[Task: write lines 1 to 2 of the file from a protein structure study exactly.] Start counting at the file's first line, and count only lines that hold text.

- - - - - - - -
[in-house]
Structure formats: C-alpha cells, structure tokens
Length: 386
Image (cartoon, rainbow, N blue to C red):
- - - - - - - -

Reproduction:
[in-house]
Structure formats: C-alpha cells, structure tokens